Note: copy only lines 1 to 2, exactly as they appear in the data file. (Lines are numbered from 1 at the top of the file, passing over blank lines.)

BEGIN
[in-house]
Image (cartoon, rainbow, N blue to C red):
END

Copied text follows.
[in-house]
Image (cartoon, rainbow, N blue to C red):